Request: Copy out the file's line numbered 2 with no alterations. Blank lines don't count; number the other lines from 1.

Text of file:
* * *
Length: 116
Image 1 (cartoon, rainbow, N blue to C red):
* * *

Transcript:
Image 1 (cartoon, rainbow, N blue to C red):